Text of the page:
reducing homes to piles of rubble and flipping cars on their sides. Other parts 
of the Deep South were digging out from damage caused by other suspected 
twisters. One man died in Morgan County, Alabama, the sheriff's department 
there said in a tweet.

   The Federal Emergency Management Agency said in a briefing that 25 people 
were confirmed killed, 55 people were injured and 2,000 homes were damaged or 
destroyed. High winds, hail and strong storms were expected for parts of 
Alabama and Georgia on Sunday, the National Weather Service said.

   "How anybody survived is unknown by me," said Rodney Porter, who lives 20 
miles (32 kilometers) south of Rolling Fork. When the storm hit Friday night, 
he immediately drove there to assist in any way he could. Porter arrived to 
find "total devastation" and said he smelled natural gas and heard people 
screaming for help in the dark.

   "Houses are gone, houses stacked on top of houses with vehicles on top of 
that," he said.

   Annette Body drove to the hard-hit town of Silver City from nearby Belozi to 
survey the damage. She said she was feeling "blessed" because her own home was 
not destroyed, but other people she knows lost everything.

   "Cried last night, cried this morning," she said, looking around at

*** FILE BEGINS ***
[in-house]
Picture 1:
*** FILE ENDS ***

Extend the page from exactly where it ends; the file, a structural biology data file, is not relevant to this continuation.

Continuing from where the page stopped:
flattened homes. "They said you need to take cover, but it happened so fast a 
lot of people didn't even get a chance to take cover."

   Storm survivors walked around Saturday, many dazed and in shock, as they 
broke through thickly clustered debris and fallen trees with chain saws, 
searching for survivors. Power lines were pinned under decades-old oaks, their 
roots torn from the ground.

   Mississippi Gov. Tate Reeves issued a state of emergency and vowed to help 
rebuild as he viewed the damage in a region speckled with wide expanses of 
cotton, corn and soybean fields and catfish farming ponds. He spoke with Biden, 
who also held a call with the state's congressional delegation.

   More than a half-dozen shelters were opened in Mississippi to house those 
who have been displaced.

   Preliminary information based on estimates from storm reports and radar data 
indicate the tornado was on the ground for more than an hour and traversed at 
least 170 miles (274 kilometers), said Lance Perrilloux, a meteorologist with 
the National Weather Service's Jackson, Mississippi, office.

   "That's rare -- very, very rare," he said, attributing the long path to 
widespread atmospheric instability.

   Perrilloux said preliminary findings showed the tornado began its path of 
destruction just southwest of Rolling Fork before continuing northeast toward 
the rural communities of Midnight and Silver City and onward toward Tchula, 
Black Hawk and Winona.

   The supercell that produced the deadly twister also appeared to produce 
tornadoes causing damage in northwest and north-central Alabama, said Brian 
Squitieri, a severe storms forecaster with the weather service's Storm 
Prediction Center in Norman, Oklahoma.